Experience Aviation, a learning center founded by Capt. Barrington Irving, has received a $10,000 grant from PBS&J to create a science and math scholarship for minority youth.
“PBS&J continually searches for projects that support and emphasize reading, math and science,” said Irving, the youngest and first black pilot to fly solo around the globe. “And our students are usually weak in those areas. At the same time, I am able to reach students in an effective way, so it’s really a great match.”
Carlos Maeda, vice president of PBS&J’s National Aviation Service, said the company tried to support disadvantaged children and encourage them to study.
“And everyone is fascinated with aviation,” he said. “Even if these kids don’t become pilots, they get to see firsthand all the things that surround aviation.
It’s a tremendous motivator. That’s why the opportunity to work with Experienced Aviation and Barrington is so great.”
Irving founded the non-profit Experience Aviation to inspire youth to identify and pursue their dreams through dynamic education and aviation programs.
The organization seeks to build math, science, reading and problem-solving skills.
The PBS&J Foundation, Inc. on July 2 presented the grant to Experience Aviation to fund creation of the PBS&J Learn and Lead Science and Math Scholarship.
PBS&J is an employee-owned company that provides infrastructure planning, engineering, construction management, architecture, and program management services to public and private clients.
Located at the Opa-Locka Executive Airport, Experience Aviation’s Learning Center introduces underserved students in Miami-Dade and Broward counties to career opportunities in the industries of aviation, aerospace and engineering.
A portion of the scholarship money will be used to fund the Discover Aviation afterschool and Build and Soar summer programs, where students can take advantage of opportunities including building math and science skills, engaging in flight simulator practice, building rockets and learning about careers in aviation, Irving said.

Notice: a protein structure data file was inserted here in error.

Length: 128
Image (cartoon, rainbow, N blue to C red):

“Other funds will support the Learn and Lead Scholarship programs,” said Irving, 25. “That would be our student mentors; they went through the program the year before.”
When he was just 23 years old, Irving became the youngest person and first black pilot to fly solo around the globe. He recently earned his doctorate in aviation from Florida Memorial University.
Irving’s year-round afterschool and summer programs will serve 150 students at 10 middle and high schools throughout South Florida. School and program sites include Miami Norland Senior High School, Carol City Senior High School, George T. Baker Aviation School and Miami Northwestern Senior High.
“We want to increase the number of minorities and women not only in aviation, but in all math and science-related career areas,” Irving said about his motivation to facilitate the programs.
The programs’ goal is to have an equal number of male and female students, Irving said. Currently, about 40 percent of the students are female.
Maeda said there may be a child in the program who is “just like Barrington: someone with that great ability to become a pilot.”
The students, Irving said, build rockets and program robotics throughout the program.
“That [programming robotics] causes our students to think more in depth about careers in aerospace,’’ Irving said. “The applications of math and science are heavy, so they must be focused.”
Maeda said that the important thing is that “the children get a lot of exposure, which leads to a great number of choices. Some day they may want to come and work with us.”
Photo: Barrington Irving